Any time President Trump showed the slightest discomfort at having his life probed by a special counsel with unlimited power, Democrats and the media suspiciously wondered: Well, what’s he got to hide?!
Now, Attorney General William Barr says he wants to take a peek at the Obama administration’s spying on Trump’s 2016 campaign. And those same Democrats are calling it a political hit job.
Well, what have they got to hide?!
During his hearing last week in front of the Senate Appropriations Committee, Barr said he would be “reviewing both the genesis and the conduct” of those involved in spying on Trump's campaign, which includes the FBI.
“A lot of this has already been investigated and a substantial portion of it has been investigated and is being investigated by the office of inspector general at the [Justice] Department,” he said. “But one of the things I want to do is pull together all the information from the various investigations that have gone on, including on the Hill and in the department and see if there are any remaining questions to be addressed.”
Barr also offered that he had a “basis” to believe that spying on the campaign did occur, but said that he only wanted to be sure that it was properly “predicated” and that there were no abuses of power. Who could reasonably oppose that?
Democrats do, but rather than outright say it — perhaps because it’s public knowledge that the Trump campaign was secretly surveilled by the government — they pretend that Barr’s use of the word “spying” is somehow inappropriate. Sen. Brian Schatz, D-Hawaii, during the hearing, asked Barr if he wanted to “rephrase,” because “the word spying could cause everybody in the cable news ecosystem to freak out.”
Sen. Richard Blumenthal, D-Conn., demanded that Barr “retract his unfounded, irresponsible claim.”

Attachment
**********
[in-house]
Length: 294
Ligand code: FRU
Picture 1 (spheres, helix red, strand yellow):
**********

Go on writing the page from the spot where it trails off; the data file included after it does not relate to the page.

House Minority Leader Chuck Schumer, D-N.Y., also called on Barr to “retract his statement immediately or produce specific evidence to back it up.”
The specific evidence is that Carter Page, a Trump campaign adviser, was literally wiretapped by the FBI. The specific evidence is that ex-professor Stefan Halper was meeting with Trump aides and, unbeknownst to the campaign, relaying their conversations to the FBI. In every sense of the word, Halper was operating as a spy. Media insistence that he be referred to instead as an “informant” is a semantics game.
A Washington Post article on Monday said Trump and his supporters “have struggled to legitimize their accusations that the FBI conducted political spying” on the campaign, even as it went on to say that Page was “secretly surveilled” by the FBI.
It's not clear what distinction Democrats are making when they urge that there's a difference between "spying" and "surveillance." If they're going to order everyone to use a different word than "spying," maybe they shouldn't have picked an exact synonym for it.
Barr’s investigation may find that no laws were broken. Spying can be legal. But as he said during his hearing, there are unresolved questions, like why wasn’t the Trump campaign informed if authorities suspected Page or anyone else might have posed some unknown threat?
Barr acknowledged during his testimony that it’s possible that a prosecution could take place if any criminality were uncovered but that it may simply be a matter of placing safeguards within the Justice Department to ensure that if anything inappropriate happened, it wouldn’t happen again.
He said that there could be examples of abuse “that may not rise to the level of a crime but that people might think is bad and want to put in rules or prophylaxis against it.”
This is what Democrats are raging against, even after their hysterical investigation of collusion between Trump and Russia turned up nothing.
What are they trying to hide?